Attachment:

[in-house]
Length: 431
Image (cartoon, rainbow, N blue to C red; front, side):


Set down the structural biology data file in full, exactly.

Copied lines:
[in-house]
Length: 431
Image (cartoon, rainbow, N blue to C red; front, side):